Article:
After moving into the Spill Vill house in 2015, EarthGang and J.I.D. decided to focus on honing their songwriting craft. “Creative fulfillment is always going to rank very high in our priorities,” says Dot. “Really waking up every day and trying to outdo yourself,” adds Venus. Looking back on the Shallow Graves and Strays With Rabies posters behind me, I ask about the main difference between album-crafting then and now. “You get a lot more support, a lot more resources,” says Venus, gesturing to J.I.D. “His shit was on a Billboard. He done did Fallon, a commercial with Westbrook. It takes time.”

“If you indie, you gotta have the money for it,” says J.I.D, before alluding to the importance of word of mouth. “In 2014, [J.I.D] released Para Tu,” outlines Venus. “We released Shallow Graves For Toys in 2015. That summer, any show going on in Atlanta, we were there.” “And we not rapping over our lyrics,” says J.I.D. “We going over raw instrumentals, it’s like a black and white, day and night thing. We stood out.” “As far as the city goes,” adds Dot. “Ain’t nobody that was better live. We built a name, first and foremost, off performing live.”

3

There seems to be a misconception that southern lyricism is a lost art. Of course, the foundational groundwork has been long set, since Andre 3000 took to the pulpit at the 95’ Source Awards, declaring that The South Has Something To Say. Dot, Venus, and J.I.D derive from the same musical DNA. Vibrant imagery and real-world reflections, converging in a marriage of poetic sensibilities and everyman relatability. At their best, their imagery stands alongside the game’s cleverest minds. I ask about their inspirations, with particular emphasis on vernacular and chosen slang.

“Shit, bro, that just comes from being black,” laughs Venus. “This not our first language. The way we talk, it has a rhythm, it has a style to it. We want to make sure we put that into the music. You go out on the street, and it be like, ‘I don’t know what these cats saying.’ I got a friend from the U.K, and sometimes, we don’t even understand what we say. You gotta repeat sentences over and over, and use it to your advantage.” I marvel at a line from Spillage Village’s “Bears Like This,” in which Venus pines for the comfort of “Hippo rumps.” “Big ol’ hippo rumps,” reflects a straight-faced Venus. “Who doesn’t love a hippo rump?”

As with most innovators, the Spillage Village trifecta have studied their predecessors. Revisiting the aforementioned the 95’ Source Awards, EarthGang seem to marvel at the infamous night. “Everybody was going crazy,” says Dot, lying back on the couch. “Snoop Dogg, everybody!” I ask whether they feel Andre’s prophecy held true; whether the South have ultimately succeeding in cementing their message. “Shiiiet,” laughs Venus. “Ask the charts, bro. You see where everybody came for the Dreamville retreat! We came to Atlanta for it. People flock down here, it’s a vibe down here. The city is bubbling over. You got Future boomin, Lil Baby boomin’, Spill Vill boomin. You got so much diversity, shit, we keep it poppin.” As if on cue, all three proceed to begin chanting a zombie-like refrain of “the south will hold you down!”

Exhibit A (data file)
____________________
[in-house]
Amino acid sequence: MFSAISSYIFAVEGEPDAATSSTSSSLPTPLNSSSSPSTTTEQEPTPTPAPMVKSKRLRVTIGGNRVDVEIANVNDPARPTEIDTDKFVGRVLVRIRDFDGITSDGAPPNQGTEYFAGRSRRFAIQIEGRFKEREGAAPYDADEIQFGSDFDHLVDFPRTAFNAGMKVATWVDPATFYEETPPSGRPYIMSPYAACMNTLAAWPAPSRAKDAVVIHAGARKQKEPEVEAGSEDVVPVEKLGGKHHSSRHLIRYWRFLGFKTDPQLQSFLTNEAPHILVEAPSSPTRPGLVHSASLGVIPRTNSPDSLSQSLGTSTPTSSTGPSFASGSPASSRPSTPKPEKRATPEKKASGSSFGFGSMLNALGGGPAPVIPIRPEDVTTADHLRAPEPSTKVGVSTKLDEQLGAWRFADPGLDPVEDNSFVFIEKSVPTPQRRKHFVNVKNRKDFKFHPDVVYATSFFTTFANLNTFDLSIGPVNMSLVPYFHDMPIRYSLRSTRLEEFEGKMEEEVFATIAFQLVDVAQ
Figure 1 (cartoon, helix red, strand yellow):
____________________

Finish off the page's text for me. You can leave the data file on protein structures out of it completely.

Throughout the conversation, J.I.D seems to consider his words wisely. It’s evident that part of the lyricist remains at Tree Sound Studios. The creative process, the endless nature of his post-DiCaprio-2 rollout, has yet to take a toll. In fact, he seems truly inspired, a leader in the booth. I ask him about the concept of legacy and whether he ever muses on his own. “We base ourselves on albums,” says J.I.D. “That’s the type of artists we chose to be. Artists that people look forward to dropping albums. Living with the album, as opposed to dropping singles. I personally think of things as a whole, but spontaneity always happens. You might make a song that you didn’t know would make an album.”

“When you become someone of interest, they want to figure out more about you. They want to figure out why they like you,” says J.I.D. “To me that’s important,” chimes in Venus. “Some of my favorite artists are artists you can play their shit anywhere and any time. That’s the pinnacle of creating music.” The conversation shifts into a discussion on “ranking culture,” whereupon hip-hop discourse is centered around an affinity to create a hierarchy of talent. “That’s a healthy conversation,” says Dot, while Venus reflects on the inherent nature of inter-genre competition. “For some reason, hip-hop is the main genre where competition is one of the most important factors,” he says. “It just comes from such a background of representing your city, your neighborhood. You have to hold it down.”  When I ask whether or not any healthy competition ever bleeds into the Spillage Village dynamic, J.I.D smiles. “Iron sharpens iron.”

And thus, we arrive to the topic of Revenge Of The Dreamers. With such a vast array of supporting players, in some ways, it feels like the Dreamville trifecta have a home-field advantage. Yet J.I.D has previously described his own process as an isolated one, and two of EarthGang's formative albums were recorded in the Spill Vill house; such an open-sourced, collaborative session was likely a new experience for all three rappers. I ask whether or not the intensive sessions have yielded any new challenges, and whether that same competitive spirit was lost in translation.